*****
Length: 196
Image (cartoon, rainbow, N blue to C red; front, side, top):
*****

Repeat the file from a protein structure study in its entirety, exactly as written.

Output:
Length: 196
Image (cartoon, rainbow, N blue to C red; front, side, top):